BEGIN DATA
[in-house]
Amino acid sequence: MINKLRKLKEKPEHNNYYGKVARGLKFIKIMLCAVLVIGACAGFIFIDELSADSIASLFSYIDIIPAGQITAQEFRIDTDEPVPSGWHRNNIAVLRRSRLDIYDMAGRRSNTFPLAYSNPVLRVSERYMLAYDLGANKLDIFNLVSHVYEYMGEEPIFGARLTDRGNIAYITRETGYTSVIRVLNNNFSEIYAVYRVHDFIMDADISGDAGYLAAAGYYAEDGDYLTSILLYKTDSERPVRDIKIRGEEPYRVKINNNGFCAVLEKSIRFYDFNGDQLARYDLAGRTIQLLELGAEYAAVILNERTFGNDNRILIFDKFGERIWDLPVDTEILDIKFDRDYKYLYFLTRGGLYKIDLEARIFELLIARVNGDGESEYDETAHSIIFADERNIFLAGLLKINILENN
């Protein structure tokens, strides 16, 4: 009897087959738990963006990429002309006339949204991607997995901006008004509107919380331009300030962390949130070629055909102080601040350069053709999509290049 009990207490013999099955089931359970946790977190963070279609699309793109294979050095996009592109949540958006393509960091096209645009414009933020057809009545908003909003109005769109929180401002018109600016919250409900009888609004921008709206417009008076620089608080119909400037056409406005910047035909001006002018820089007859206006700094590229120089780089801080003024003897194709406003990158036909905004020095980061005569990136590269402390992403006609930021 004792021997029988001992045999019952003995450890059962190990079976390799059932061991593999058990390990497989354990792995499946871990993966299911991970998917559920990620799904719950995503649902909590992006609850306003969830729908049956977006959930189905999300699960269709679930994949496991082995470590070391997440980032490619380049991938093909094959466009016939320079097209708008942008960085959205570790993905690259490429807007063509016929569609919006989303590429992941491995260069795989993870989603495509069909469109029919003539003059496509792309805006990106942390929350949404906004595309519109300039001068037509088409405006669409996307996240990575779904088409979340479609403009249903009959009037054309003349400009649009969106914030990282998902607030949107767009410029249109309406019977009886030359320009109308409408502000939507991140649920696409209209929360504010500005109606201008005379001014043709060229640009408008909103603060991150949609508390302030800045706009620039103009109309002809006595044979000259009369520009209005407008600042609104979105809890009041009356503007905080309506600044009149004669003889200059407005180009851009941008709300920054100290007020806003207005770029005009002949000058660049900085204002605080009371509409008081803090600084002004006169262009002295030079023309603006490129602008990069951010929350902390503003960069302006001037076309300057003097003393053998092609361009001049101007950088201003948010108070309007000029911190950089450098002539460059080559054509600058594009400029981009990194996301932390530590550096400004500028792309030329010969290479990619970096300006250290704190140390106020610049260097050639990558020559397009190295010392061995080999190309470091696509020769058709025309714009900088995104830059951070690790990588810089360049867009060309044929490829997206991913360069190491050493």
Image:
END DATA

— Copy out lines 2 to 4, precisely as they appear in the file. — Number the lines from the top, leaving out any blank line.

Amino acid sequence: MINKLRKLKEKPEHNNYYGKVARGLKFIKIMLCAVLVIGACAGFIFIDELSADSIASLFSYIDIIPAGQITAQEFRIDTDEPVPSGWHRNNIAVLRRSRLDIYDMAGRRSNTFPLAYSNPVLRVSERYMLAYDLGANKLDIFNLVSHVYEYMGEEPIFGARLTDRGNIAYITRETGYTSVIRVLNNNFSEIYAVYRVHDFIMDADISGDAGYLAAAGYYAEDGDYLTSILLYKTDSERPVRDIKIRGEEPYRVKINNNGFCAVLEKSIRFYDFNGDQLARYDLAGRTIQLLELGAEYAAVILNERTFGNDNRILIFDKFGERIWDLPVDTEILDIKFDRDYKYLYFLTRGGLYKIDLEARIFELLIARVNGDGESEYDETAHSIIFADERNIFLAGLLKINILENN
């Protein structure tokens, strides 16, 4: 009897087959738990963006990429002309006339949204991607997995901006008004509107919380331009300030962390949130070629055909102080601040350069053709999509290049 009990207490013999099955089931359970946790977190963070279609699309793109294979050095996009592109949540958006393509960091096209645009414009933020057809009545908003909003109005769109929180401002018109600016919250409900009888609004921008709206417009008076620089608080119909400037056409406005910047035909001006002018820089007859206006700094590229120089780089801080003024003897194709406003990158036909905004020095980061005569990136590269402390992403006609930021 004792021997029988001992045999019952003995450890059962190990079976390799059932061991593999058990390990497989354990792995499946871990993966299911991970998917559920990620799904719950995503649902909590992006609850306003969830729908049956977006959930189905999300699960269709679930994949496991082995470590070391997440980032490619380049991938093909094959466009016939320079097209708008942008960085959205570790993905690259490429807007063509016929569609919006989303590429992941491995260069795989993870989603495509069909469109029919003539003059496509792309805006990106942390929350949404906004595309519109300039001068037509088409405006669409996307996240990575779904088409979340479609403009249903009959009037054309003349400009649009969106914030990282998902607030949107767009410029249109309406019977009886030359320009109308409408502000939507991140649920696409209209929360504010500005109606201008005379001014043709060229640009408008909103603060991150949609508390302030800045706009620039103009109309002809006595044979000259009369520009209005407008600042609104979105809890009041009356503007905080309506600044009149004669003889200059407005180009851009941008709300920054100290007020806003207005770029005009002949000058660049900085204002605080009371509409008081803090600084002004006169262009002295030079023309603006490129602008990069951010929350902390503003960069302006001037076309300057003097003393053998092609361009001049101007950088201003948010108070309007000029911190950089450098002539460059080559054509600058594009400029981009990194996301932390530590550096400004500028792309030329010969290479990619970096300006250290704190140390106020610049260097050639990558020559397009190295010392061995080999190309470091696509020769058709025309714009900088995104830059951070690790990588810089360049867009060309044929490829997206991913360069190491050493």
Image: